|Toki Oshima drawing.|
By Hildie J. Lipson
The challenges we face, such as peak oil, climate change and economic crises, can be overwhelming to us as individuals. Here in Wayne, a few of us have been meeting to talk about joining the Transition Towns Movement, an initiative that seeks to build community resilience to mitigate converging global crises through home-grown, local and citizen-led education, action and planning. With such huge concerns about sustainability, we didn’t know exactly what to do that will make a difference and would get others interested in the idea.
As we struggled to get our Transition Town off the ground, I realized I had been participating in one of the solutions all along.
The Garden Group is the best thing I do. Going on 17 years, a group of five families meets monthly at alternating members’ houses to help each other with seasonal chores. We clean chicken coops, plant gardens, create new garden beds, paint, stack firewood, rake leaves, eradicate invasive plants and, in the process, spend precious quality time with each other as we live our lives in our shared small town in Maine.
The Garden Group is one way that makes me feel like I belong in my community. In our town of 1,000 people, our group of families shares a set of values that include simple living, care for the earth, growing some of our own food, love of music and art, and sharing time together. We are teachers, librarians, counselors, nonprofit leaders and dental hygienists. We all have children and the kids have all grown up having this group in their lives. In this mobile culture when few of us live near immediate family, we have become each other’s family.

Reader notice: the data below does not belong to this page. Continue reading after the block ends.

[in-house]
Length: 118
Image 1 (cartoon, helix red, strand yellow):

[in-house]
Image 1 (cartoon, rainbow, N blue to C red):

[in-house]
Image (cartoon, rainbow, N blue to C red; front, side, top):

When we get together, we work. It is amazing the amount of work you can get done with 10 pairs of hands in a short amount of time. One group can easily stack 3 cords of wood (despite Dave’s run-by-run re-telling of the former evening’s Red Sox game), while another group weeds and clears underneath 60 blueberry bushes. None of us possess any special skills – we are just temp labor, and happy to be so. The pace is leisurely enough to complete a noticeable amount of work and still stop for the anticipated potluck lunch at noon. I often find myself wondering, at 11:45 a.m., if Jane brought one of her famous berry or apple pies. And who brought the salad? Consistently working together and sharing a meal are soothing and comforting rituals I have come to expect and anticipate in my life. And the hard work feels good on a body that mostly sits in front of a computer.
One of the best parts of our workday is solving the problems of the world right there in the garden. We discuss local, state, national and international politics and issues. Just about everyone in the group has served on at least one town committee over the years. Dennis remarks that we are all tired of board work these days. I agree. The work time is a good chance to catch up on what some would call gossip – others call necessary information – about who in town has been ill or who’s the young family that bought the old Beach farm. All the stuff one would hear if any of us attended church.
We began the group because we already gathered in January to compile our cooperative seed order to FEDCO. We all gardened and liked getting together. While drinking tea and coffee after brunch one year, we talked about ways to see more of each other on a regular basis.